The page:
TABLE 1 POWER EFFICACY LAMP (Watts) LUMENS (Lm/W) CCT CRI CFL-PAR38 23 1150 50 2875 84.5 90 W PAR38 90 1275 14.2 2900 100 60 W PAR38 60 1100 18 2800 95
Accordingly, it is clear that the fluorescent reflector lamp is superior to commercially available halogen and halogen PAR lamps. Additionally, by changing the phosphor mix of the fluorescent light source, color temperature of emitted light can be chosen as desired.
A fluorescent reflector lamp of present invention including all possible embodiments are designed to have all light sources energized by an electronic type ballasts where the light source arc current has frequency above 25 kHz. Such ballasts are commonly designed to draw their energy from an ordinary AC power line. However, the electronic ballasts can be modified to operate from any DC power source.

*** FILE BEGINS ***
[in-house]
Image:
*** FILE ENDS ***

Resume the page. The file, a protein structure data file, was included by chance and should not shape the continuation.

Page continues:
It is understood that having a ballast as a remote device to energize a compact fluorescent reflector lamp equipped with any custom or industry standard electricity supply base shall fall into a scope of this invention. Examples of such bases are provided in
It is understood that fluorescent light source may be made with disconnectable electrical contacts to allow replacement of the light source, for example, if the ballast is designed to have longer life than the light source.
|Cited Patent||Filing date||Publication date||Applicant||Title|
|US5465025 *||May 10, 1993||Nov 7, 1995||Litetronics International, Inc.||Lamp with removable base and replaceable bulb capsule|
|US5568009 *||Dec 29, 1994||Oct 22, 1996||Philips Electronics North America Corporation||Electric lamp having a lamp cap with solder-free connections|